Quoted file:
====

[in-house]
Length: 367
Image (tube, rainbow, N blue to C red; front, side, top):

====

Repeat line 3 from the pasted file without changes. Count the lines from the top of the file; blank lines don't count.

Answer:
Image (tube, rainbow, N blue to C red; front, side, top):